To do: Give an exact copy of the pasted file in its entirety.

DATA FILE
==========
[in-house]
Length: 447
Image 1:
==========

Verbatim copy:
[in-house]
Length: 447
Image 1: